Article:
Swarm of Bees At Foliat Drive

Monday’s warm weather (29/7/2012) encouraged a swarm of bees.  The bees congregated in a conifer bush adjacent to a public footpath.  I noticed the swarm during the early afternoon and decided it would be to everyone’s benefit if I captured it.

Cardboard Box to Capture Bees

I only needed two pieces of equipment: a cardboard box and my smoker.  I placed the cardboard box above the swarm because bees have a propensity to move upwards.  I gently put puffs of smoke below the swarm to encourage them into the box.

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Half of the bees went into the box the other half went onto the exterior of the box facing the centre of the hedge.  This proved to be problematic!  So I had to do a little hedge trimming around the bees on the exterior of the box, and smoke them down and into the box.

The Swarm of Bees Inside the Cardboard Box

Once the bees were in the box there was the dilemma of whether I could leave them until sunset.  During the day the foraging bees would be going back and forth from the colony.  So if I took the cardboard box full of bees away mid-afternoon,  the foragers would return to a missing colony and just congregate back on the hedge where the queen had been.  As such, I couldn’t take to box away until sunset.  However, the cardboard box was on a prominent spot next to a footpath and I felt the risk was great that someone at some stage would give the box a poke or do something stupid and all hell would break loose!

So I stayed on guard most of the afternoon, with various members of my family bringing refreshments to me.

The Swarms New Home

Close to sunset I got help from the Vale and Downland Beekeepers Association to move the bees.  We removed the cardboard box from the hedge and placed it into a blanket, and wrapped it up.  We took it back to an empty hive.  To get the bees into the hive, a ramp was placed between the ground and the entrance to the hive.  A blanket was placed onto the ramp and the cardboard box was give a single shake onto the ramp.  The bees were encouraged up the ramp and into the hive through the use of smoke and scooping-up handfuls of bees to the top of the ramp.  When the queen entered the hive the rest of the bees soon followed.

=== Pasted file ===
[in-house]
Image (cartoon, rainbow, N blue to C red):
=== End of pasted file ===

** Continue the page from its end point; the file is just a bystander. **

Feeding the Bees with Syrup

Tuesday 31st August.  The swarm had spent its first night in their new home.  The bees have a lot of work to do to ensure their survival through the winter.  The main task for the bees is to make combe.  The combe is the hexagonal wax compartments the bees make  to store pollen, honey and to raise their young.  The bees covert sugary nectar into honey and then sweat it out through glands on their side to produce wax.  With the wax they make combe.  The wet summer has hampered bees progress, so to give this new colony the best chance, I have begun feeding them with syrup.  1 lb refined white sugar to 1 pint of water.

Residual Bees

Even with the best efforts, you cannot capture all of the bees from the swarm.  Some of the foragers who returned after the cardboard box had gone have congregated at the hedge.  I estimate there are 30 lost bees.  The residual pheromones of the queen have attracted these lost foragers back to the hedge, but alas the queen has gone!  Over the coming days the bees will disperse, and as the new hive is not very far away, it is hoped they will be reunited with the queen very soon.


15 thoughts on “Swarm of Bees At Foliat Drive

  1. Hi Steven,
    Good presentation, and very interesting and educational. I look forward to seeing the hives sometime in the future. Well Done.
    John W

  2. Hey, I have the exact same swarm catching equipment!

  3. I enjoyed your post. Collecting swarms is beginning to seem easier than I first thought. Thanks for offering another successful story.

  4. I enjoyed your presentation. Thank your posting.

  5. Thanks for sharing! I’m currently doing research for a children’s book on bees and honey-making. Love your post!

  6. I remember bringing home my first swarm. As I said at the time to the friend who was showing me how to do it – it felt like bringing home liquid gold and was the start of some very happy times.

  7. Cool . . .Maybe these bees of yours will be called in to help save us all. lol, Awesome pictures.

  8. You are the MacGuyver of beekeeping! Very cool method for containing the swarm!

    1. Charlton Estate Trust 16 September 2012 — 6:46 am

      Thank-you that’s very kind. Wasn’t MacGuyver a great series?

  9. Nice work! We have four hives on our farm, two were purchased starter boxes and two were swarm captures. As a busy farmer, I’m uncertain if I’d have many hours to “stand guard” and wait all day to warn pedestrians not to do something stupid. I think the bees would keep the intelligence sufficiently high enough in the immediate radius or the bees would employ Darwin principles and dispense their own unique “warning” system. Thanks for a great post.

    1. Charlton Estate Trust 16 September 2012 — 4:49 pm

      My pleasure 🙂

  10. Very interesting and informative. We have a swarm of bees here on the farm and we found the article very good. You have some other good articles on chickens that i have given to my son in law who needed the info. A very good blog.

    1. Charlton Estate Trust 21 September 2012 — 5:47 pm

      thank-you 🙂

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